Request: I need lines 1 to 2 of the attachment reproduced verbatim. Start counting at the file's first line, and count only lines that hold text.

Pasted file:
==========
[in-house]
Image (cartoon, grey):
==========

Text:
[in-house]
Image (cartoon, grey):